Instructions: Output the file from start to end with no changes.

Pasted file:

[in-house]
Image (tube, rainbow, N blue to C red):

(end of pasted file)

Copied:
[in-house]
Image (tube, rainbow, N blue to C red):